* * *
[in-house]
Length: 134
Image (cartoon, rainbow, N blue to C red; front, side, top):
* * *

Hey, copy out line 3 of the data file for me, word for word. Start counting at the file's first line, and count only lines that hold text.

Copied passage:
Image (cartoon, rainbow, N blue to C red; front, side, top):